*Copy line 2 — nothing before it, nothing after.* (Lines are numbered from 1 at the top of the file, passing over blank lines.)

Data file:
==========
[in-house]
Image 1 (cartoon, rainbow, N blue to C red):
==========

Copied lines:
Image 1 (cartoon, rainbow, N blue to C red):